The Breakout Room feature in Microsoft Teams has recently been rolled out. I’ve created the ~ 5 minute video below as a short introduction.
Breakout Rooms allow meeting participants to be divided into groups and added to separate “sub-meetings” that are linked to the main meeting. This allows members of each breakout to work together for a period of time before returning to the main meeting.
For reference, the Microsoft General Availability announcement can be found here.
We never stop learning! During a team meeting last week my esteemed colleague Chris Haley shared how OBS (there are other encoders available) can be used to enhance presenter engagement during a Microsoft Teams Meeting. Our team then spent a couple of hours having some fun with the Technology. I’ve captured the end result below. Check this out!
If you followed this year’s Ignite announcements, then you will have already heard about the new Custom Layouts feature, which I think will probably wrap what I showed during the video directly into Teams. Even so, I still think tools like OBS will allow professional presenters to remain creative and bring even more engagement into their virtual deliveries.
If you are interested in building the meeting experience I showed above I’ve listed some high level steps below. The good news is that no GBPs were spent during the creation process and it is surprisingly easy to set up!
Make sure you have a second Monitor connected to your PC/Laptop.
Configure a green screen background for your webcam. I used chromacam. Just search for it on the web.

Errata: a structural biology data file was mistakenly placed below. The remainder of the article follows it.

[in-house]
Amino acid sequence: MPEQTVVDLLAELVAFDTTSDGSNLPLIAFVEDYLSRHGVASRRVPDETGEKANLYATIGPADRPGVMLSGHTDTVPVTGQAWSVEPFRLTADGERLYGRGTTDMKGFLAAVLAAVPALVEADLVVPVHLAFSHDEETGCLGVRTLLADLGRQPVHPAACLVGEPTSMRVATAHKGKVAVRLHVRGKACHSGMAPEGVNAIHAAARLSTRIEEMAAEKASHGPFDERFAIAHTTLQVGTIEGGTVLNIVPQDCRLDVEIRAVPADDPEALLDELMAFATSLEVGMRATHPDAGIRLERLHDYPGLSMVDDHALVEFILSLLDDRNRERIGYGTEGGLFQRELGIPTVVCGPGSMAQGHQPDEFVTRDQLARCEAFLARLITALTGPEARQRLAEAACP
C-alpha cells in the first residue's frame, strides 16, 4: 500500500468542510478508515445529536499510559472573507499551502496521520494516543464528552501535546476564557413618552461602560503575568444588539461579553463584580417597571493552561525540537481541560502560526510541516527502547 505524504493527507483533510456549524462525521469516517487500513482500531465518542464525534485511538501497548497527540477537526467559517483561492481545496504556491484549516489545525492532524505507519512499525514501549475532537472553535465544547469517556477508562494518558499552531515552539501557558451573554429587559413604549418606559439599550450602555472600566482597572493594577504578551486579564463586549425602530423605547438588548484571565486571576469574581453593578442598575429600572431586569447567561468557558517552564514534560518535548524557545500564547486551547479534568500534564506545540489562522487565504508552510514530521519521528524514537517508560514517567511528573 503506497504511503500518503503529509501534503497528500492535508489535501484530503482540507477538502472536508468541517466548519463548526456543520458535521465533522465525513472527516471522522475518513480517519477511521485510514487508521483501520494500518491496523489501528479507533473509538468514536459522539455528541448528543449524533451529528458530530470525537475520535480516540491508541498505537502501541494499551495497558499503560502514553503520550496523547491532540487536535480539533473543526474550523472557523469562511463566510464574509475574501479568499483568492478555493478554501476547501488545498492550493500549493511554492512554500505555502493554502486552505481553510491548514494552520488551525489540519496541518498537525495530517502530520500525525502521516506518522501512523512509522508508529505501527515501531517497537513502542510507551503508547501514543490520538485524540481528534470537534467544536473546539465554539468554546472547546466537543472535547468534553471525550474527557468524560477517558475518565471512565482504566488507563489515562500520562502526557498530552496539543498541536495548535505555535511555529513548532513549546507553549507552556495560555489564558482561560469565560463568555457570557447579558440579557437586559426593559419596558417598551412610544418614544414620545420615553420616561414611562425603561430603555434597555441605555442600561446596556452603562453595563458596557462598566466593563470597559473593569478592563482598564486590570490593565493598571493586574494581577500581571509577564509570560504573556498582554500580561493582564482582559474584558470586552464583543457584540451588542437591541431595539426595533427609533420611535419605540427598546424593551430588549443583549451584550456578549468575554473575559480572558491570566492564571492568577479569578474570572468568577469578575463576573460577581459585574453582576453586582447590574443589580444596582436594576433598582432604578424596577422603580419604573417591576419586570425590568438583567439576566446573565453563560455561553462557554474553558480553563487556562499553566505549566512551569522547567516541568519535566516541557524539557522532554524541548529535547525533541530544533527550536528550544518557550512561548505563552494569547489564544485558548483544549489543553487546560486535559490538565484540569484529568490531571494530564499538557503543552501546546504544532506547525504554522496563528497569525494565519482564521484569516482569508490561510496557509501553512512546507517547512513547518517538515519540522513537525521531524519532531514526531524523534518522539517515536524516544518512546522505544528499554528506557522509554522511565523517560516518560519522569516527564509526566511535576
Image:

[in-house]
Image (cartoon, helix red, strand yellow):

Then use it to configure a Green background for your selected webcam.
If you don’t have OBS studio download it. It’s free.
One side effect of the Covid-19 pandemic is that a huge amount of customer interactions in businesses and society have moved online. Assuming the technology holds up, I expect there to a place moving forward for virtual appointments across a whole diverse range of business types, ranging from healthcare to financial services.
Microsoft 365 Bookings is an application designed to help customers create and manage virtual appointments using Microsoft Teams. It comes in two flavours, a web portal and a Microsoft Teams application experience. The Teams App provides a sub set of the functionality that’s exposed in the web interface but is a great tool to use for the scheduling experience.
Any change made in either Teams or the Web is reflected in the other interface. As you might expect the Staff and Calendar components are tightly integrated into AAD and Exchange respectively.
I recently created this overview for one of the engagements I’ve been working on. Hopefully it will be of interest:
To learn more about Microsoft Bookings, check out the documentation.
Microsoft Teams has recently added support for Network Device Interface (NDI), which is a LAN based IP Video broadcast technology. You can learn more about the mechanics of NDI here.
The first use cases I’ve started to see for NDI in Teams revolve around providing and consuming content to/from third party encoders to assist with the production of Live Events. For example, a Live Event producer can pull individual video streams out of a Teams meeting and add them as discrete sources within an encoder (such as OBS), then stream these into a Live Event broadcast.
This is really useful as it provides an easy way to insert additional video production content into a Town Hall or Broadcast event.
NDI support in the Microsoft Teams client is controlled via an admin policy. Refer to the Microsoft Docs if you want to learn more.
In a previous blog I provided an an example of the Microsoft Teams Meeting Lifecycle for a private internal meeting. In this post I’m sharing some video content I’ve created for a Channel Meeting scenario.